Tool tips.

Q:We use a triple prism cluster that is triangular, but have noticed a stack of three arranged vertically, or even horizontally, used by other surveyors. Is one configuration better than another?

A: First, triple prism configuration must be what your manufacturer recommends. Some manufacturers (not all) specify a triple prism shape that best suits the infrared beam emitted by the EDM. If none have been suggested, any shape will probably work. However, keep in mind that the triangular configuration is more compact; it fits into a circle smaller than a circle that a horizontal or vertical stack would fit into. This is important, as you must make sure that the EDM strikes all three prisms. Check your manufacturer's specification for the width (or diameter) of the EDM beam. Triple assemblies must be used such that when the EDM is pointed at their (combined) center, the beam emitted goes beyond the edges of the assembly. A good practice to follow is to only use a single prism, even if you have to use the triple assembly, until you are so far away that you have exceeded the single prism range of the instrument. If you only expose the other two prisms at that point, you can generally be assured that the beam overlaps all three prisms, regardless of the shape of the assembly. What you must make sure to avoid is partial exposure of one or more prisms to the EDM beam. Such a situation can cause errors in the distance measurement. You can illustrate this to yourself by conducting a prism sweep test. Set up your instrument and a single prism about 250 ft away. Point at the center of the target, take a measurement and record it. Then use the horizontal or vertical tangent screw to move the cross hairs perhaps one arc-minute off-center and take another measurement. Repeat this process, increasing the angle away from the center of the prism by equal increments. You will start to see systematic variations in the distance measured. For a complete test, you should go up, down, right and left of the prism's center.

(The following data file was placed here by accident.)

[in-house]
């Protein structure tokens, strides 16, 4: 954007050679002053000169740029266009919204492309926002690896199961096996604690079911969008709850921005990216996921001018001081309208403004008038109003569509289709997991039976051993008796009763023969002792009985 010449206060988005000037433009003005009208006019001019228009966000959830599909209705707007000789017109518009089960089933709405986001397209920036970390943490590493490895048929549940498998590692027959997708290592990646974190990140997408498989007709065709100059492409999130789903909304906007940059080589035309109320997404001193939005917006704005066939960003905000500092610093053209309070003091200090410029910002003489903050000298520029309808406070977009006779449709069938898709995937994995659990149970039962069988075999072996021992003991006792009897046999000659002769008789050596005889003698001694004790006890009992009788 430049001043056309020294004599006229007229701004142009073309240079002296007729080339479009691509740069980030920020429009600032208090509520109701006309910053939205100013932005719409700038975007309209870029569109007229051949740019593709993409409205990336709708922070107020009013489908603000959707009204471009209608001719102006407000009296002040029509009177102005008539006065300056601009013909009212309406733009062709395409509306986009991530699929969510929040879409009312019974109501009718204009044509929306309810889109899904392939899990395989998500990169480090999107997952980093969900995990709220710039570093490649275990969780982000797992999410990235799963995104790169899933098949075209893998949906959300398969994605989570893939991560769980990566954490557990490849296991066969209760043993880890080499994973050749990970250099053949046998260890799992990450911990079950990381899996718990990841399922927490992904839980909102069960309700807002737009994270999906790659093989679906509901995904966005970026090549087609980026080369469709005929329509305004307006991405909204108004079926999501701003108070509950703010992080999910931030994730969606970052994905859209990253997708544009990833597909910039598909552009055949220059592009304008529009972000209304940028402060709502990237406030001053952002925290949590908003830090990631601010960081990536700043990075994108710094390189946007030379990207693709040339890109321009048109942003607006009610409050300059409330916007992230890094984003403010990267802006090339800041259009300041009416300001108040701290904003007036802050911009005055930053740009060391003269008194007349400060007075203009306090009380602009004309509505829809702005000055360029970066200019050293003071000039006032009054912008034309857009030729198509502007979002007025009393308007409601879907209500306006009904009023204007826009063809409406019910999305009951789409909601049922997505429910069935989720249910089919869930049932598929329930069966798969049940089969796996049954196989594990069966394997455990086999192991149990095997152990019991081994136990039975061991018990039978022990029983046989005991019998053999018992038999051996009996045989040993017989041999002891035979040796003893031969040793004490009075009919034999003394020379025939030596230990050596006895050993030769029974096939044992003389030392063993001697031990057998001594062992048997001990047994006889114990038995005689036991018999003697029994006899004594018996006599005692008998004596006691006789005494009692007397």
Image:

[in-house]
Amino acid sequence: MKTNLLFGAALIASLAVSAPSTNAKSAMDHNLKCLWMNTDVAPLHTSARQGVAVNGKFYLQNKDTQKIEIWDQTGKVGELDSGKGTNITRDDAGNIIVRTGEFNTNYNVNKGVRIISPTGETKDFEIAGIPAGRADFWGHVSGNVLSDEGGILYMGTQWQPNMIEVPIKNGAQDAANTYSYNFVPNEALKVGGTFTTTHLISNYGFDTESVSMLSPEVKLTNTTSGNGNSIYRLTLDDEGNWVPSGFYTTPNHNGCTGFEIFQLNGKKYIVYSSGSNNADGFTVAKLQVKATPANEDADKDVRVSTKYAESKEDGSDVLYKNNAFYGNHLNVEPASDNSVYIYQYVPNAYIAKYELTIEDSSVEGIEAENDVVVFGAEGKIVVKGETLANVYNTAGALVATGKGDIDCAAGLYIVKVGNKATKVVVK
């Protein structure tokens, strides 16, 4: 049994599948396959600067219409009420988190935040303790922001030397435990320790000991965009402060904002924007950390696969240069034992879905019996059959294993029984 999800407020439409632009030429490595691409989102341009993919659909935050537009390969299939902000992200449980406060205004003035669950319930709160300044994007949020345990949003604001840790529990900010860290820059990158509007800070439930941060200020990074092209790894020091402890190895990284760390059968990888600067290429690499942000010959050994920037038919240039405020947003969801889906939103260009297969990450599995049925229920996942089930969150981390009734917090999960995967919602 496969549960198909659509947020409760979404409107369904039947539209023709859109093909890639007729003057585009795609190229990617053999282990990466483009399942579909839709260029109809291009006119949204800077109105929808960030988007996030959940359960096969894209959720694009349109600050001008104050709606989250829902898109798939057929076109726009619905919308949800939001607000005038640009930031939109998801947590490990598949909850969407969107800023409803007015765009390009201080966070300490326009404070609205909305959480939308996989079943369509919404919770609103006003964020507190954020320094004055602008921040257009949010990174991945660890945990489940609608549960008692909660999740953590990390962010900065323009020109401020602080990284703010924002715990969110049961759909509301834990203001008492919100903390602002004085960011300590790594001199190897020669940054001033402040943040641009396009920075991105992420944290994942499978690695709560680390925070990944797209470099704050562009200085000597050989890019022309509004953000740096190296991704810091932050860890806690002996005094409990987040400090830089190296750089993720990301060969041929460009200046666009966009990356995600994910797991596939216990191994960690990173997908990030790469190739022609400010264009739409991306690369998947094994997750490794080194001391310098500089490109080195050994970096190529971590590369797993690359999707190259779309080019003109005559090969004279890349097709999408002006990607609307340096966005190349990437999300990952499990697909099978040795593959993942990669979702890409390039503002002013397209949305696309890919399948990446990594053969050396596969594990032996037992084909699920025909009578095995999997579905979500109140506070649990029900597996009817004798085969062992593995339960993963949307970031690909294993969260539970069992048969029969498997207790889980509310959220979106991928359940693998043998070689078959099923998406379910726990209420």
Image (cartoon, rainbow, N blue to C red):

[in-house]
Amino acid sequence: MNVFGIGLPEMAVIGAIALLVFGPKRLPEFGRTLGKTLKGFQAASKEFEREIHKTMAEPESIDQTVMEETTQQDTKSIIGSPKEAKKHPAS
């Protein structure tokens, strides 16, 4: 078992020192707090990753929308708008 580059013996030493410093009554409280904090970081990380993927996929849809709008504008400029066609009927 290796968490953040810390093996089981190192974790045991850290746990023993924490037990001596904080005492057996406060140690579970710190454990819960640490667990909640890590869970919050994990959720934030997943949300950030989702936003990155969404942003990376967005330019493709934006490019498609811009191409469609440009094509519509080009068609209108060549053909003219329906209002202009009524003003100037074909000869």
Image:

Q: I have an electronic level on my total station as well as a spirit bubble. Which should I use?

A: As long as both are in adjustment, either one will work. However, you may want to check your manufacturer's specifications for both. It may be that one is more sensitive than the other. Then, depending on what you are doing with your instrument, you can use your judgment to decide which one to rely on. There is a tendency to overlook the possibility that an electronic level can go out of adjustment. Surveyors are generally used to the idea that a spirit bubble can go out of adjustment and most know how to check it: center the bubble carefully in one direction, rotate the alidade 180º and if the bubble is not at the center, the apparent movement represents twice the error in the adjustment of the level vial. This principle is just as true with the electronic level and in fact is checked the same way, except that the apparent movement of the bubble is read out digitally as arc-seconds of tilt. You will then have to refer to your instruction manual on the procedure to adjust it. Just like spirit bubbles, electronic levels are easily affected by changes in environmental conditions, and should be checked and used with a similar degree of care. It is good practice to check the adjustment of either type of leveling device whenever you set up your instrument.